The following are three different documentary structures I have considered adhering to when exploring my food issue of producing and consuming animal-based products.
In this structure I will be documenting the journey of a person with systemic lupus erythematosus, an autoimmune condition, which affects the skin, joints, kidneys, brain, and other organs. This person has managed their lupus through a plant-based diet, rid of the inflammatory qualities that dairy and sometimes meat can cause in the human body. Through interviews, b-roll following them around, and ‘logs’ like a diary, we gain insight into the health potential of this diet. Perhaps a more immersive experience for a viewer/participant would be to develop a platform where they can select which health aspect they want to explore more in depth (e.g. the benefits of veganism on eyesight, or choose the benefits of veganism on skin and acne treatment, etc). I certainly would have engaged with a project like this when making my own cost-benefit analysis on going vegan permanently.
essay style & autobiographical:
Kip Andersen’s documentaries (Cowspiracy, 2014 or What The Health, 2017) usually involve him posing a question (such as why do American health organisations promote meat consumption despite their knowledge that it has carcinogenic properties?) and follows his own individual search for its answer (these organisations are funded by meat industry, etc.). In this option, I will structure my micro doc according to an initial question I will raise – something along the lines of, ‘why are these Australians vegan?’ or hopefully something more thought-provoking than that. Perhaps look at why our own government subsidizes meat (Hunt, 2017), or funds campaigns that advocate for dairy and red meat, while it funds ads that discourage smoking (despite the comparable health risks of both). This would follow my own journey into answering this question – the struggles and insights – with a heavy emphasis on my own involvement in the film.
Every significant change in history – civil rights, women’s rights, LGBTQ rights – has gone through the same course of action. In this option, I will structure my documentary not according to chronological sequence or a sole narrative, but according to the distinct stages that take place for major permanent change to occur. Contrasted and compared with archived images of the historical movements mentioned.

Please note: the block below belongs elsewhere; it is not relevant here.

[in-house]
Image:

-Oppression (the oppression of animals exploited for food, fashion, entertainment, etc. and the exploitation of lower socioeconomic communities that suffer from the side effects of animal agriculture).
-Ridicule (montage of vox pops to determine the general consensus about people who are vegan; “vegan jokes”; stereotypes, etc.).
-Anger (pro meat eaters agenda and farmers whose livelihoods are threatened).
-Discomfort (most people are unable to watch the videos depicting where their food comes from).
-Beginnings of a societal norm (mini profiles of and interviews with people whose vegan lifestyle is a norm).
-Change (embrace of veganism is evident in statistics, in animal sanctuaries, in all-vegan restaurants, in major chains offering vegan options. In this stage the “solution” to problems the world currently faces is veganism, thus ends on a promising note or call to action).
Hunt, E 2017, Meatonomics author says government working with meat and dairy industry to boost consumption, [online] the Guardian, viewed 28 March 2019,<https://www.theguardian.com/science/2017/may/06/meatonomics-author-says-government-working-with-meat-and-dairy-industry-to-boost-consumption>.
The documentary I’ve chosen to look at is The Cube of Truth. It focuses on an animal rights activist couple from Auckland, and their involvement in a Cube of Truth – a public presentation of graphic images of animal slaughter practices.
Maybe it’s the cool slow motion shots, or maybe it’s the Kiwi accents, but something made me genuinely enjoy this short doc the first and subsequent times I watched it. Most of all, I love the straight forward nature of its message. It’s not, ‘this is a demonstration of all the reasons why veganism is great if you’d be kind enough to listen and maybe consider what I’m putting down’. It’s, ‘we’re vegan and we’re proud of it’. I seldom see any positivity in animal welfare videos, mostly criticism, but there’s ironically so much life in this video that that’s exactly the positive vibe I get, in spite of the cruel slaughter practices we’re shown. Rhetorical and expository documentary (Murray & Heumann, 2012) laced with vitality, as opposed to emotionally flat scientific studies or philosophical questions surrounding speciesism, is the breath of fresh air I didn’t know I needed. There’s no sense of static, only action. Paired with movement shots of the couple performing tricks on their unicycles, we’re told why they were called to action, and why they maintain their sense of conscience and justice through Cube of Truth. All of these factors are things I would want to explore in my own project. It’s difficult for me at present to state what exactly that project will entail, but if it’s any bit action-packed as The Cube of Truth, I’d be content.